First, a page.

After a Global Local Mentorship Program trip to Canada in the spring of 2016 with Associate Professor of Sociology Erich Steinman, several students were inspired to establish a mural to pursue the process of decolonizing the Pitzer College community and bringing to light the importance of California natives.
“This mural is reflective of the traditions and the stories of the indigenous people here, and it’s a way to tell their story,” Community Engagement Center Staff Member and Assistant Director of Native American Initiatives Scott Scoggins said.
The mural’s design was a collaborative effort between Joe Galarza, a well-known indigenous artist who has painted two other murals on Pitzer’s campus, and Pitzer’s Tongva Elder Julia Bogany. “Sacred Grandmother” depicts twins holding up the earth, which according to some indigenous beliefs, was on the back of a turtle. Above the turtle is a tree with a beating heart and grandmother overlooking all.
It was painted in Scott Courtyard on the side of Scott Hall, the primary academic building at Pitzer College, with the stated purpose of “honoring our ancestors past, present, and future.”
Dana Nothnagel PZ ‘19 attended the Global Local Mentorship Program and contributed to the organization of the mural. She wrote in an email to TSL that the mural’s organizers received funding from Student Senate last spring, and then got the idea approved by the Aesthetics Committee and College Council.
Nothnagel wrote that the biggest obstacle in the planning process was getting approved by the College Council and the President’s cabinet.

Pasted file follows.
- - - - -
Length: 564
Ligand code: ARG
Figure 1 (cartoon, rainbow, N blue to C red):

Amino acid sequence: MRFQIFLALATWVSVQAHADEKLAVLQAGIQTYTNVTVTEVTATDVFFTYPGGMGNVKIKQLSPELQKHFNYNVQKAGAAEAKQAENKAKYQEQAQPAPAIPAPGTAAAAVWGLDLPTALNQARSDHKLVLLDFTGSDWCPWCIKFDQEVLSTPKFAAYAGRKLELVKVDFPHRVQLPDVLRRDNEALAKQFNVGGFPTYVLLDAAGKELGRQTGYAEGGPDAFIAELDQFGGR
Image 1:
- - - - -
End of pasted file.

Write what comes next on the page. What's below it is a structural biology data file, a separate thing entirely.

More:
“At first they were very unreceptive, but by the end of last semester, we had pushed through. Painting started in January and finished just a couple of weeks ago,” Nothnagel wrote.
Throughout the painting of the mural, students and members of the community were invited to help paint, and many were responsive.
“We wanted students to be involved in decolonizing our academic space,” Nothnagel wrote. “We talk about healing through art a lot at Pitzer, and I think this was a way students used art to heal, learn, and participate in social change.”
Diversity Staff Intern Phil Brayley PZ ’19 said, “The mural brings more of the people of this area to this campus. A lot of the stories from different cultures are represented.”
With the numerous symbols and indigenous stories within “Sacred Grandmother,” Nothnagel shared the mural’s impact on her.
“The mural stands as a reminder that we need to push aside Western academia and make space for traditional learning and knowledge,” Nothnagel said. “I hope that this mural and talking circle might help start a larger conversation on campus about how we can create a more welcoming and inclusive environment for students that identify as indigenous. I hope that it reminds settler students that we are on stolen land and encourages them to dig deeper into their own identity.”
“Sacred Grandmother” was officially dedicated on Thursday.